AsianScientist (Jan. 29, 2016) – Pearls have adorned the necklines of women throughout history, but some evidence suggests that the gems’ future could be uncertain. Increasingly acidic seawater causes oyster shells to weaken, which doesn’t bode well for the pearls forming within.
However, as scientists report in the journal Environmental Science & Technology, the mollusks might be more resilient to changing conditions than previously thought.
Pearl aquaculture is a thriving business, particularly in Asia and Australia. In Western Australia alone, the total allowable annual catch of oysters per licensed pearl production company is 572,000 oysters, or approximately US$200 million dollars’ worth of pearls.
But much of it takes place in our oceans, which are susceptible to the increasing amounts of carbon dioxide that are released into the atmosphere by human activity. The oceans absorb carbon dioxide from the air and become more acidic as a result.
Today, the pH level of our oceans has decreased by approximately 0.1 pH units since pre-industrial times, which is equivalent to approximately 30 percent increase in acidity. According to the US Environmental Protection Agency, the surface pH level of our oceans is projected to decrease even more by the end of the century, to between 7.6-7.8. This will have adverse affects on many marine species such as plankton, shellfish, corals and mollusks.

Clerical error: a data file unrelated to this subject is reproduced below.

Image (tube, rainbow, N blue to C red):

The research team has found that these conditions weaken the shells of pearl oysters, which could affect their survival and reduce the chances of pearl formation. But in addition to acidity, rising water temperature could also play a role in oyster health. Professor Zhang Rongqing from Tsinghua University and colleagues set out to understand how combining acidity and water temperature would affect pearl oysters.
The researchers tested Pinctada fucata oysters for two months under varying water temperature and pH conditions, including those predicted for oceans in 2100. Their results confirmed previous work that had found higher water acidity led to weaker shells, but notably, this effect was reduced when the water temperature was also higher. According to the research paper, the sweet spot was 28°C.
Thus, the researchers concluded that warmer oceans could buffer these valuable marine animals from increasingly acidic seawater.
Source: American Chemical Society; Photo: SarahTz/Flickr/CC.
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